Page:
Uh-oh! A bit of news came out today that is sure to be of interest to us barbecue lovers, although hopefully it won’t put you off them for good (we’ll get to what to do in a moment). The Daily Mail, while not exactly 100% reliable, is reporting that the average British barbecue contains twice as many germs as a toilet seat. Crikey! That’s not exactly a nice thought when you’re trying to eat some half burnt sausages, is it?
The news comes from ‘one of the UK’s leading food safety experts’ Dr Lisa Ackerley. She’s done some tests on barbecue grills, hopefully not while using the opportunity to cook up some burgers at the same time, and found that the typical outdoor barbecue grill contains a whopping 1.7 million microbes per 100cm sq. That’s a lot of the little nasty critters buzzing around in there, making it the mankiest surface in the garden with 124% more bacteria than your average toilet seat.
So, while your barbecue may look clean to the naked eye it’s actually harbouring some pretty nasty things. The high levels of microbes contained in such a small space can lead to e-coli, salmonella and listeria – three things that you definitely don’t want to end up giving to your barbecue guests. They’re not exactly going to thank you for the severe vomiting and diarrhoea it can cause!
These high levels are down to the idea that most British people aren’t cleaning the garden as well as they should be doing. While 71% say they clean the kitchen table every day, with 42% doing the same with the toilet seat, only 28% clean their garden table and 36% clean their barbecues. This is obviously something that can be vastly improved upon. So, what can you do to keep it clean?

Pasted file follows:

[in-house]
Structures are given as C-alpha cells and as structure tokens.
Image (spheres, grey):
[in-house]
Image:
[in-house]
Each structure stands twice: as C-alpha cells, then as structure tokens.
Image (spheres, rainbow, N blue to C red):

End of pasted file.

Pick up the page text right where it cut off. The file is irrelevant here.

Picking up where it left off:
We’re not saying you have to pop outside every day and clean your barbecue as that would be pointless. Instead you need to make sure you clean it before you begin using it, and the same goes for when you’ve finished using it. Don’t make the excuse that you’ll clean it next time you want to use it, in the meantime your barbecue will be turning into a bacteria paradise that will be harder to scrub clean when you eventually get around to doing it.
You can make the argument that the heat will kill the bacteria anyway, but it’s best to be doubly sure; why would you cook on a dirty barbecue that still has food stuck to it anyway? Simply do the following:
- Spray your barbecue with disinfectant and wipe down thoroughly. Remember to wear gloves!
- Wipe down the grill with cooking oil to prevent food from sticking.
Once you’ve finished using your barbecue, and hopefully served up some of the nicest barbecue food you and your guests taste buds will ever experience – or on the other hand some of the blackest sausages you’ve ever experienced – do this:
- Once the barbecue has cooled down you can slip out the metal grills and put them in the dishwasher. No dishwasher? No problem; just put them in the sink instead and wash in warm soapy water. If there’s any stubborn food sticking to it use a mild abrasive cleaner and leave it to soak for a while (make sure you wear gloves whilst handling it).
- If you have a charcoal grill make sure you wipe all the charcoal remnants and dust out of the bottom when you empty it. You can use a wire brush to do this (like this one) and help clear away any food remnants too, before washing the surface down.
- Make sure you wipe down the outside of the barbecue too with disinfectant and a moist cloth. You’ll have been touching the surface quite a bit while cooking, especially if you’re lifting a lid up all the time.
You can read more barbecue cleaning tips in one of our previous blog posts. We also offer a range of barbecue cleaning gear to get you going and stop you from more or less cooking on a toilet seat.